'I'm tired of playing house': Ontario garbage worker plans to retire to defunct N.B. jail
DORCHESTER, N.B. -- A retired Ontario garbage worker has decided to spend his retirement in jail.
Bill Steele of Oshawa, Ont., recently bought a defunct New Brunswick jail with a history of hangings.
The 50-year-old man plans to sell his house and take up residence at the old Dorchester gaol -- listed for $159,900 -- which was decommissioned more than 20 years ago and features 15 original jail cells.
Steele said he's always had a passion for collecting antiques and "morbid stuff," and wanted to retire somewhere unconventional, near where his father grew up in Pictou, N.S.
"Everybody lives in a house and I'm tired of playing house," said Steele in an interview.
"One person who lived in Toronto -- Billy Jamieson -- he had a collection of shrunken heads and he lived in a really cool loft, and that really inspired me to live somewhere unusual with my collections."
Steele said he may start a museum in part of the historic building, where two infamous convicted murderers -- 19-year-old Arthur Bannister and his 20-year-old brother Daniel -- were hanged. The brothers had killed a 30-year-old woodsman during the abduction of his infant daughter, who also died.
An article published in The New York Times at the time said on Sept. 24, 1936, the brothers walked silently to the gallows, "where they stood back-to-back as the nooses were placed over their heads."
"Both were pronounced dead at 2:27 a.m. Their bodies were cut down and placed together in a single pine coffin covered with black cloth. The same ropes used for the execution lowered the coffin into a grave in the prison yard," the article reported.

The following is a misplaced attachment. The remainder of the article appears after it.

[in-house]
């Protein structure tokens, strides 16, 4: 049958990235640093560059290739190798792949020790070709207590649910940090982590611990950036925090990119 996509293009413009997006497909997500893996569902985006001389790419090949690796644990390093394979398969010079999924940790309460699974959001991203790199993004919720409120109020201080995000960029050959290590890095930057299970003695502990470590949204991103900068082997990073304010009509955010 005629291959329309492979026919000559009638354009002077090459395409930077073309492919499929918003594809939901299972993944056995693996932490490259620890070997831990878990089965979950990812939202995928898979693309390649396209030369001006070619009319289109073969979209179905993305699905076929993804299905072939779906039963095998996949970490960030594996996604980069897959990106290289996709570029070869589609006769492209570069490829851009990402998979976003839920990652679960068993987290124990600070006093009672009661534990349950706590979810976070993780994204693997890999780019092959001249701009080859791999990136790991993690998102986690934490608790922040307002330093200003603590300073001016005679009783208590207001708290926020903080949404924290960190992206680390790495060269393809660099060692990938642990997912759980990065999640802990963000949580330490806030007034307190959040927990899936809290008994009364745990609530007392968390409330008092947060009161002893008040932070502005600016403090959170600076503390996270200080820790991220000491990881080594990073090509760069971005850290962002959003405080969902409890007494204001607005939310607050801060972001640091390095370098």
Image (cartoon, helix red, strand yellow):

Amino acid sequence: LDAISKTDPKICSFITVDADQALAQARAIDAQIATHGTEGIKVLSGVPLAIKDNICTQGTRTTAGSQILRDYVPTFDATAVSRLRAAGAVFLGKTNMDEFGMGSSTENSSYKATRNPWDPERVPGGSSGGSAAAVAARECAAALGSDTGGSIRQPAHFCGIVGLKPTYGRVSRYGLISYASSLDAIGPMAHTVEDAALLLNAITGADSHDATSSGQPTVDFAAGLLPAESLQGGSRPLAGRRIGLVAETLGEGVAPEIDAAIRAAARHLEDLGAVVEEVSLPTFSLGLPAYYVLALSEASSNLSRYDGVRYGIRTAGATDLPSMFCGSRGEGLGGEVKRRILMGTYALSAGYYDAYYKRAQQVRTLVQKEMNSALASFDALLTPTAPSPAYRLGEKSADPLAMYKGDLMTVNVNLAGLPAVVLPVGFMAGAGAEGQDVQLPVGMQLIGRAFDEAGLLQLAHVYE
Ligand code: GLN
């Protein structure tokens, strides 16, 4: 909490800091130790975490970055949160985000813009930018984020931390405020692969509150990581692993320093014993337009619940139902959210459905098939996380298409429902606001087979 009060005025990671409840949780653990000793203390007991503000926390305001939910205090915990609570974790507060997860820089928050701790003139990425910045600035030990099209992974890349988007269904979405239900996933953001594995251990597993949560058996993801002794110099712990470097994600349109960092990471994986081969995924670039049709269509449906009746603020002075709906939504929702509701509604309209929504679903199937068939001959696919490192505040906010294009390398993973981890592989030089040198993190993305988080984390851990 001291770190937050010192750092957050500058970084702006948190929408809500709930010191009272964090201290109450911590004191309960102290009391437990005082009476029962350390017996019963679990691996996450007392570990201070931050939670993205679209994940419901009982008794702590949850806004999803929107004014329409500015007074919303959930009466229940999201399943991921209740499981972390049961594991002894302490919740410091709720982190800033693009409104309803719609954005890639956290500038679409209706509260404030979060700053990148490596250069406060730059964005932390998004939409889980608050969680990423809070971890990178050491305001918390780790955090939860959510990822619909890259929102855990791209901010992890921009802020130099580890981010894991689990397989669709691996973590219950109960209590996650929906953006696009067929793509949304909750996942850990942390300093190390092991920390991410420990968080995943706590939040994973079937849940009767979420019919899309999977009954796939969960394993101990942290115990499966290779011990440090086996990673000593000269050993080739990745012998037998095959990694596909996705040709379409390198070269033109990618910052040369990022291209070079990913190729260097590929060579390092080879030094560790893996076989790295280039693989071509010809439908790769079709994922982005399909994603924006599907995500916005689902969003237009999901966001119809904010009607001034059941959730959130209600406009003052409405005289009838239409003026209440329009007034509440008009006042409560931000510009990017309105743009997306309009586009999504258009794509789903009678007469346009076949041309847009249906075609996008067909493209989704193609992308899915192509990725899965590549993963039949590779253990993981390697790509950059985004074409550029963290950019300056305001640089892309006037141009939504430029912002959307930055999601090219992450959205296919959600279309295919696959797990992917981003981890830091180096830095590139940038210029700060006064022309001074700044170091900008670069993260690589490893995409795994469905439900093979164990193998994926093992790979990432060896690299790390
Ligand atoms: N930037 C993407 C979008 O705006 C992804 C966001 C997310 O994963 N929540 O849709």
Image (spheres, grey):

Steele said he's eager to research the history of his new home, and hopes to find the Bannister brothers' final resting place.
"I'm not going to disturb them, of course, but I'll look for a marker or something," said Steele. "I know they were bad guys but they're still human and I'd at least like to recognize where their grave is."
The 1,200 square metre building features a brick facade with many rectangular energy-efficient windows, which replaced the jail's original windows. It includes an apartment where the previous owner, Andrew Partridge, once lived.
Partridge bought the former jail "on a whim" about 17 years ago. He said initially he had no idea what he was going to do with the property, but eventually he started up a gym inside one section of the building.
He said he's held many parties and family gatherings there.
"I knew that it was time for me to move on and I've come to grips with that," said Partridge in a phone interview. "I don't have any regrets but certainly there are memories being left behind."
Steele said he's already been contacted by a family member of a former inmate. He said one woman whose son struggles with PTSD wanted them to visit the jail before he changed anything.
"I told them, absolutely. Do whatever you want to do, if it's going to help you," he said.
Steele said he also hopes the jail and his life in Dorchester will be somewhat of a fresh start, as he is grieving the loss of his 25-year-old son to heart failure.
"I sent him a message saying 'Hey, look what dad's got. I'm ready to buy this. Get better. Don't worry about anything and just get better for us.' He never read that message and passed away," said Steele.
"He would have loved it."
-- By Aly Thomson in Halifax.